The Church of St. Anne is one of the leading examples of Polish Baroque architecture. The church was first mentioned in 1381 in the deed of donation of Sulisław I Nawoja of Grodziec. In 1407 the church was completely destroyed during a fire, but it was rebuilt the same year in the Gothic style by King Władysław II Jagiełło. The king also attached the Church formally to the Jagiellonian University by giving it the right to nominate the parish priest. In 1428 the choir was reconstructed and enlarged. By a charter dated October 27, 1535 St. Anne's was raised to the rank of a collegiate church.
In 1689 the Gothic edifice was demolished as it proved too small for the growing cult of Saint John Cantius, the patron saint of the Jagiellonian University who's laid to rest there. In 1689-1705 the new Baroque church was erected, modelled on Sant'Andrea della Valle in Rome. The architect was a Polonized Dutchman Tylman van Gameren, a chief architect at the court of John III Sobieski. The interior stucco decoration is the work of Baldassare Fontana, and the polychromy assisted by painters and brothers Carlo and Innocente Monti and Karl Dankwart of Nysa. The painting of St. Anne in the high altar is the work of Jerzy Siemiginowski-Eleuter, court painter of King John III Sobieski. The 18th-century paintings in the stalls showing the life of Saint Anne are by Szymon Czechowicz. In the transept there is an altar of the adoration of the cross to the left, and the tomb of John Cantius to the right.References:
Hluboká Castle (Schloss Frauenberg) is considered one of the most beautiful castles in the Czech Republic. In the second half of the 13th century, a Gothic castle was built at the site. During its history, the castle was rebuilt several times. It was first expanded during the Renaissance period, then rebuilt into a Baroque castle at the order of Adam Franz von Schwarzenberg in the beginning of the 18th century. It reached its current appearance during the 19th century, when Johann Adolf II von Schwarzenberg ordered the reconstruction of the castle in the romantic style of England's Windsor Castle.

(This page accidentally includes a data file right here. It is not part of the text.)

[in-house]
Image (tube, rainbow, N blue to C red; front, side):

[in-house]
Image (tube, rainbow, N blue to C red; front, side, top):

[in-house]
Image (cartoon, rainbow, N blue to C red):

The Schwarzenbergs lived in Hluboká until the end of 1939, when the last owner (Adolph Schwarzenberg) emigrated overseas to escape from the Nazis. The Schwarzenbergs lost all of their Czech property through a special legislative Act, the Lex Schwarzenberg, in 1947.
The original royal castle of Přemysl Otakar II from the second half of the 13th century was rebuilt at the end of the 16th century by the Lords of Hradec. It received its present appearance under Count Jan Adam of Schwarzenberg. According to the English Windsor example, architects Franz Beer and F. Deworetzky built a Romantic Neo-Gothic chateau, surrounded by a 1.9 square kilometres English park here in the years 1841 to 1871. In 1940, the castle was seized from the last owner, Adolph Schwarzenberg by the Gestapo and confiscated by the government of Czechoslovakia after the end of World War II. The castle is open to public. There is a winter garden and riding-hall where the Southern Bohemian gallery exhibitions have been housed since 1956.